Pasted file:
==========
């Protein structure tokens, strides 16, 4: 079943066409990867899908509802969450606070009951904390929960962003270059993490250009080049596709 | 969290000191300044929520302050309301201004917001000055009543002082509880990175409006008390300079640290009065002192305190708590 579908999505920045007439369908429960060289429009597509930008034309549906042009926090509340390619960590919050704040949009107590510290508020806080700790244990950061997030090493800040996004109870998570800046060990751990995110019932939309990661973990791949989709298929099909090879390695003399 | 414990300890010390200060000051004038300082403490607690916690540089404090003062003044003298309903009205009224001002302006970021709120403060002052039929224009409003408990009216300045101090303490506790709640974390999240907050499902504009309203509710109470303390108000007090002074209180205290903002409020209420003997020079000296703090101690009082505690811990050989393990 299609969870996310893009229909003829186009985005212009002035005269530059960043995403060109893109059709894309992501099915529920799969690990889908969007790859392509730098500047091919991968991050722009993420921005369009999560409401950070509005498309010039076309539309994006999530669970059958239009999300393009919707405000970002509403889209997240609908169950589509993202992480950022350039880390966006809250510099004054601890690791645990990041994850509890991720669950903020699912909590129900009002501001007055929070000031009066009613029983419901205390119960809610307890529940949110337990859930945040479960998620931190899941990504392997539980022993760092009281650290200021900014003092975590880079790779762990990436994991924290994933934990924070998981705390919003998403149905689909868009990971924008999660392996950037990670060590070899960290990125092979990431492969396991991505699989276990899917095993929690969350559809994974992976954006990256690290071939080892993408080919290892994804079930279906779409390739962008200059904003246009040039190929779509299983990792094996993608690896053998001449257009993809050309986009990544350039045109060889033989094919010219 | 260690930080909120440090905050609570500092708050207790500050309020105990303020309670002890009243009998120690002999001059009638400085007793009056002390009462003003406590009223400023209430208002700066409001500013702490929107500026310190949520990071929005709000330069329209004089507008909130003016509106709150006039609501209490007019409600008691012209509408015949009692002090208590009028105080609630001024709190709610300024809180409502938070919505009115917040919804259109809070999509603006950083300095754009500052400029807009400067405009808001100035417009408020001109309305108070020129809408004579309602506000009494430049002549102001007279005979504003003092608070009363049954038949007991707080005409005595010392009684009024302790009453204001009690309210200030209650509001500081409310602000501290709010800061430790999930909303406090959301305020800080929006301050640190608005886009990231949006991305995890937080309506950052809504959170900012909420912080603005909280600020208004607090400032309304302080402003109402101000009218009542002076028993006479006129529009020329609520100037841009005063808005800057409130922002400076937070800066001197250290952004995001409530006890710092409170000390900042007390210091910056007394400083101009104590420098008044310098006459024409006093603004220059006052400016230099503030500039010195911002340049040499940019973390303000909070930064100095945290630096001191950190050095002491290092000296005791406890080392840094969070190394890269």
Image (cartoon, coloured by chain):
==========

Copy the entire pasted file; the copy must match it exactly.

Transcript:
């Protein structure tokens, strides 16, 4: 079943066409990867899908509802969450606070009951904390929960962003270059993490250009080049596709 | 969290000191300044929520302050309301201004917001000055009543002082509880990175409006008390300079640290009065002192305190708590 579908999505920045007439369908429960060289429009597509930008034309549906042009926090509340390619960590919050704040949009107590510290508020806080700790244990950061997030090493800040996004109870998570800046060990751990995110019932939309990661973990791949989709298929099909090879390695003399 | 414990300890010390200060000051004038300082403490607690916690540089404090003062003044003298309903009205009224001002302006970021709120403060002052039929224009409003408990009216300045101090303490506790709640974390999240907050499902504009309203509710109470303390108000007090002074209180205290903002409020209420003997020079000296703090101690009082505690811990050989393990 299609969870996310893009229909003829186009985005212009002035005269530059960043995403060109893109059709894309992501099915529920799969690990889908969007790859392509730098500047091919991968991050722009993420921005369009999560409401950070509005498309010039076309539309994006999530669970059958239009999300393009919707405000970002509403889209997240609908169950589509993202992480950022350039880390966006809250510099004054601890690791645990990041994850509890991720669950903020699912909590129900009002501001007055929070000031009066009613029983419901205390119960809610307890529940949110337990859930945040479960998620931190899941990504392997539980022993760092009281650290200021900014003092975590880079790779762990990436994991924290994933934990924070998981705390919003998403149905689909868009990971924008999660392996950037990670060590070899960290990125092979990431492969396991991505699989276990899917095993929690969350559809994974992976954006990256690290071939080892993408080919290892994804079930279906779409390739962008200059904003246009040039190929779509299983990792094996993608690896053998001449257009993809050309986009990544350039045109060889033989094919010219 | 260690930080909120440090905050609570500092708050207790500050309020105990303020309670002890009243009998120690002999001059009638400085007793009056002390009462003003406590009223400023209430208002700066409001500013702490929107500026310190949520990071929005709000330069329209004089507008909130003016509106709150006039609501209490007019409600008691012209509408015949009692002090208590009028105080609630001024709190709610300024809180409502938070919505009115917040919804259109809070999509603006950083300095754009500052400029807009400067405009808001100035417009408020001109309305108070020129809408004579309602506000009494430049002549102001007279005979504003003092608070009363049954038949007991707080005409005595010392009684009024302790009453204001009690309210200030209650509001500081409310602000501290709010800061430790999930909303406090959301305020800080929006301050640190608005886009990231949006991305995890937080309506950052809504959170900012909420912080603005909280600020208004607090400032309304302080402003109402101000009218009542002076028993006479006129529009020329609520100037841009005063808005800057409130922002400076937070800066001197250290952004995001409530006890710092409170000390900042007390210091910056007394400083101009104590420098008044310098006459024409006093603004220059006052400016230099503030500039010195911002340049040499940019973390303000909070930064100095945290630096001191950190050095002491290092000296005791406890080392840094969070190394890269």
Image (cartoon, coloured by chain):